by Jonathan Berr | May 8, 2013 3:08 pm
Shares of AOL (NYSE:AOL) got pummeled Wednesday after the parent company of Huffington Post reported disappointing quarterly earnings — the first time in six quarters it failed to surpass analysts’ expectations.
However, while the company’s struggles are going to continue and while shareholders might be in for a bumpy ride, AOL is just too cheap to ignore.
The company remains fairly profitable, even if not at the levels analysts would like. Net income at the New York-based company rose 23% to $25.9 million, or 32 cents per share, versus $21.1 million, or 22 cents, a year earlier. Revenue rose 2% to $538.3 million, as advertising sales rose. Excluding one-time items, profit was 41 cents — 4 cents below analysts’ forecasts. Sales lagged expectations of $542.1 million.
AOL has been ratcheting up spending on Patch, its money-losing network of hyperlocal news sites. CEO Tim Armstrong has said he expects Patch to be profitable by the end of the year, a goal that will be challenging to meet even under the most ideal of circumstances. Patch was the subject of an unsuccessful proxy challenge waged last year by Starboard Value; the company might have won that battle, but it hasn’t won the war.
AOL’s Brand Group — which includes Patch, Huffington Post and Moviephone — reported a loss of $4.9 million in the quarter. Division revenue rose 14% to $189.6 million, helped by gains in search and display advertising. AOL doesn’t break out the performance of its individual properties, but it’s safe to assume that Patch probably still is losing money, as is Huffington Post given the money that AOL continues to pour into the sites.
As I have said before, Patch sites oftentimes look amateurish and don’t offer readers much different than they could get from reading a local newspaper. Advertisers aren’t going to pay premium rates for content that isn’t particularly original. Weird things happen on Patch, too. An article about New Jersey Gov. Chris Christie’s weight-loss surgery appears next to a plus-sized clothes retailer’s ad on one of the New Jersey sites.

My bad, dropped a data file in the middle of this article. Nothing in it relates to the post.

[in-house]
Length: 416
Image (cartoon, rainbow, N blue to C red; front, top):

To achieve Armstrong’s goal, AOL is going to need to scale back the towns it serves or cut back on people. There have been sporadic reports of layoffs at the sites. Every few months or so, reports in the press emerge about Patch employees being forced to undertake ungodly amounts of work for little money. If these reports are true — and considering the status quo in the journalism business in general, they probably are — they prove the old adage that you don’t get more with less. You get less.
The sites are supposed to feed Huffington Post local perspectives on big stories such as the election. More often than not, though, Huffington seems to assign its own staff to do this sort of work. These types of media synergies look better on paper than they do in real life. Just ask the shareholders who lived through the disastrous merger of Time Warner (NYSE:TWX) and AOL.
There were other reasons not to be impressed by AOL’s quarter, too.
Sales in the company’s third-party ad network business rose 10%, a slowdown from a 31% gain in the previous quarter. However, the business lost $2.5 million in the quarter. Also, unique visitors to AOL Properties increased only 3% on a year-over-year basis.
And yet, despite its many challenges, shares of AOL still are enticing, at least from a value standpoint.
AOL stock trades at a rock-bottom multiple of 3.74, which is near a five-year-low and a steep discount to its peers. Granted, its revenue growth is forecast to be at or near 2% for the next two quarters, but that also means it wouldn’t take much to beat expectations.
As for Patch, I see it being scaled back or merged into Huffington at some point.
During the next few months, Armstrong will have to decide whether to continue to go it alone or find a merger partner. Given the challenges he faces, it wouldn’t surprise me if he tried tries to join forces with another player — perhaps Yahoo (NASDAQ:YHOO) or Microsoft (NASDAQ:MSFT). Shareholders should buy the stock now because they won’t stay this cheap for long.
As of this writing, Jonathan Berr did not hold a position in any of the aforementioned securities. Follow him on Twitter at @jdberr.
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